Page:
1. Elsie

        There are two things wrong:
        1. Any employee of any gender could be leaving in a few years for any number of reasons
        2. These questions are applied disproportionately to women. Not every woman gets married (hell, not every woman is straight, so you can’t assume a woman will necessarily marry a man), not all women can or want to have kids, and women won’t necessarily leave their jobs just because they decide to have children.

        The way you phrase the question makes it sound rational and egalitarian, but the way it’s applied in practice is absolutely not that way.

        Additionally, this is an issue in the current economy. Many people are over qualified, because of education or experience, for the jobs they are applying for. Many employers don’t even want to interview those people because they think they will leave when something better comes along. But again, an employer can’t do that. Some will leave, some won’t. And in the meantime, the employer might overlook someone who could have been a great employee.

        1. Anonymous

          Anon 6:33 here.

          1. Yes, “any employee of any gender could be leaving in a few years for any number of reasons.” But women are more likely. All other things being equal, would you not want to hire person A over person B if person A were more likely to stay long term?

          2. Yes, “these questions are applied disproportionately to women”, because things like getting married and having children are more likely to affect women’s careers than men’s.

          1. Ask a Manager Post author

            Except that there are many, many women for whom that’s not the case. And many men for whom it is. It doesn’t make sense to draw conclusions based on characteristics like gender or race; individuals vary significantly.

            What you’re saying is really an argument for asking the sorts of questions that the law discourages (what are your plans for marriage/kids, etc.), but it’s not an argument for just favoring men over women as candidates, or for asking different types of questions based on gender.

          2. Anonymous

            Reply to AAM:

            “Except that there are many, many women for whom that’s not the case. And many men for whom it is.” Bottonline: women leave their jobs “early” more than men do. So I don’t care how many men do this; if more women do it than men and you have two candidates for a position (one man and one woman), then it makes sense to prefer hiring the man over the woman if they are equal in every other way (that you can discern).

            And I don’t understand your second paragraph.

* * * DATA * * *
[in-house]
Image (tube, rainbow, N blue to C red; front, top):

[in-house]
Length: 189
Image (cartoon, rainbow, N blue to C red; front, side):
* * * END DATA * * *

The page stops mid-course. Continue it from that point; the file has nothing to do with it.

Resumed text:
3. Elsie

            And all things being equal, I’d prefer to not be discriminated against because of my sex, which is something I had no control over.

            Besides, these days, so many women are single mothers, that many can’t afford to stop working just because they had a kid.

            The point of this type of discrimination being illegal is that it tries to mitigate certain inequalities in society (that women are expected to be the primary caregiver for their children).

          4. Ask a Manager Post author

            Anonymous, are you really arguing that all other things being equal, employers should prefer hiring men? Because … that’s insane. Why wouldn’t you argue that employers should probe directly into the likelihood of that particular candidate to leave early, rather than judging her by a demographic group she happens to belong to but which doesn’t reflect every individual person who makes up that group?

        2. KellyK

          Exactly. It’s also worth adding that men may leave a job for family reasons or request flexible scheduling, part-time, etc.

          *And* women tend to take pay cuts or penalties if they request those things, or get put on the “mommy track” purely by virtue of having kids. So, ethically, there’s something wrong with penalizing women once just for having (at least in theory) uteruses, again for using them, and then *again* for changing their work schedule or commitments to deal with family requirements.

          1. Chris Walker

            The average length of service in a job in the US is barely 4 years anyway, though it has ticked up a bit recently (not surprising). So the honest answer to the question ‘Where do you see yourself in 5 years?’ is ‘If you hire me, I won’t be here anymore.’

            One of our clients (male 52) recently was asked in an interview about his marital status, kids and some other off limits topics. The business owner, a 70ish non-American born gentleman, told me he was just trying to get to know the candidate!

  3. Anonymous

    At my last job, the manager candidate had a group interview with some of the department employees. One of them asked her if she was married, and did she wear high heels like that every day! She was hired, and turned out to be one of the best managers I worked for.

    After that, the department director sent out a memo clarifying what questions could not be asked in an interview. Companies shouldn’t assume that people who sit in on interviews know what to ask and what not to ask.

  4. Anonymous

    I’ve been asked about how I can perform my job with my age and appearance not exactly matching. Being in my mid-twenties, I look about 5 years younger, but I was asked this in my young twenties so you can imagine how younger I looked then.